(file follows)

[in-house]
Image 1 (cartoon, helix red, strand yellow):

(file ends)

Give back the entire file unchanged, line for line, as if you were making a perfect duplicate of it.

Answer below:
[in-house]
Image 1 (cartoon, helix red, strand yellow):